My oldest daughter is weird. She loves handwriting. But there was a time when we struggled. She learned cursive quickly, allowing us to move from simple handwriting practice to copywork with ease. But then it happened.
“Why do I have to do this anymore?”
Why indeed? Practice does make perfect, but she was already writing more neatly and easily than most adults. How could I motivate her to continue to copy worthy passages when she saw it as busywork?
“Can I write my spelling sentences with my calligraphy pen?” Sure!
“Can I copy this memory work, poem, verse, with my calligraphy pen?” Of course you can.
Calligraphy is a beautiful art form. It takes handwriting to a whole new level for those who have the fine motor skills and patience to follow instructions well. It has helped my daughter continue to fine-tune her normal cursive handwriting by forcing her to slow down and form letters more carefully.
Even still, a year into our calligraphy practice we hit another wall. Writing with the special pen was still fun, but there was a lack of inspiration to make the work truly beautiful.
Then I happened upon Life in Letters: A Christian Young Person’s Guide to Virtue, Integrity and Peace by Karyn Jeffrey. From the moment I saw this book I knew Ruth would love it. It is simply stunning.
Each letter of the alphabet is beautifully drawn in medieval style and featured with lovely italicized text. The letters themselves are painted with gorgeous color schemes. I really cannot tell you how beautiful this book is. You have to see it for yourself!
While this book has inspired Ruth to make her writing even more beautiful with decorations and special letters, it has done even more.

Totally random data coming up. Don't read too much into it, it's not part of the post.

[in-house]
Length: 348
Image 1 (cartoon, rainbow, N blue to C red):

Each page has several passages of scripture, with discussion questions for each. I love that the answers to these questions lead to questions my daughter has for me. This has been a great jumping off point for mother daughter talks about God and life.
How we use Life in Letters:
- Ruth writes the verse at the bottom of each page into her copywork notebook using her calligraphy pen. She adds any decorations that she thinks will make the page more beautiful.
- Ruth reads one of the passages and we talk about it using the discussion questions as a guide.
- I read the Reflections for Parents in the back of the book to glean wisdom for our discussion.
- We might do one letter a week, or one letter every two weeks taking our time with each passage suggestion and discussion.
How you might use Life in Letters:
- This would be a great Morning Time resource for those with upper elementary and middle school children.
- Copywork for all lettering types: Manuscript, Cursive, Italics, or even Calligraphy!
- Medieval artwork study
- As a family devotional at the dinner table. Read before you eat and then enjoy the discussion as you enjoy your meal.
Life in Letters: A Christian Young Person’s Guide to Virtue, Integrity and Peace by Karyn Jeffrey can be purchased directly from the author on her website, LifeinLettersBook.
As a special to our readers Karyn is offering a discount code for 10% good until July 1, 2017. Just enter JELA712 at checkout!
I received a copy of Live in Letters in exchange for an honest review. I was not required to give a positive review and all opinions are my own.
Other calligraphy resources:
- How to Use Your Happy Planner to Organize Your Homeschool - August 28, 2017
- How to use a Happy Planner to Organize Your Homeschool Student - August 7, 2017
- Picture Books Aren’t Just for Preschoolers - March 13, 2017